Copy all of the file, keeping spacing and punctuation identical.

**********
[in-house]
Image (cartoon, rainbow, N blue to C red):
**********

[in-house]
Image (cartoon, rainbow, N blue to C red):